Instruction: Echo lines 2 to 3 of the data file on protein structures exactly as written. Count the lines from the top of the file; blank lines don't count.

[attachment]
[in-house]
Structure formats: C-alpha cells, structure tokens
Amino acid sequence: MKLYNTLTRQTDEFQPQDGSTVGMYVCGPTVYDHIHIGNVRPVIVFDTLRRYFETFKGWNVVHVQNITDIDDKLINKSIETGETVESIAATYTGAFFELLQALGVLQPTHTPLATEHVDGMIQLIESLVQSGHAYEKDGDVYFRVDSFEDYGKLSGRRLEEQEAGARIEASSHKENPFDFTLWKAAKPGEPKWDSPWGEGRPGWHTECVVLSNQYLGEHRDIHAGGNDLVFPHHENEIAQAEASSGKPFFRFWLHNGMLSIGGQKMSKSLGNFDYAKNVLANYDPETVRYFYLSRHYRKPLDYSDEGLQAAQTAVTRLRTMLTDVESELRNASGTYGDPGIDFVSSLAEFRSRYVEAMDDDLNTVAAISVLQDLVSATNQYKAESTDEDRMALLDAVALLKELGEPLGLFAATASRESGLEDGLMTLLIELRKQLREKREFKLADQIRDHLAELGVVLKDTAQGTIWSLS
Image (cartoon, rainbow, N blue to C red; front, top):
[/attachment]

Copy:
Structure formats: C-alpha cells, structure tokens
Amino acid sequence: MKLYNTLTRQTDEFQPQDGSTVGMYVCGPTVYDHIHIGNVRPVIVFDTLRRYFETFKGWNVVHVQNITDIDDKLINKSIETGETVESIAATYTGAFFELLQALGVLQPTHTPLATEHVDGMIQLIESLVQSGHAYEKDGDVYFRVDSFEDYGKLSGRRLEEQEAGARIEASSHKENPFDFTLWKAAKPGEPKWDSPWGEGRPGWHTECVVLSNQYLGEHRDIHAGGNDLVFPHHENEIAQAEASSGKPFFRFWLHNGMLSIGGQKMSKSLGNFDYAKNVLANYDPETVRYFYLSRHYRKPLDYSDEGLQAAQTAVTRLRTMLTDVESELRNASGTYGDPGIDFVSSLAEFRSRYVEAMDDDLNTVAAISVLQDLVSATNQYKAESTDEDRMALLDAVALLKELGEPLGLFAATASRESGLEDGLMTLLIELRKQLREKREFKLADQIRDHLAELGVVLKDTAQGTIWSLS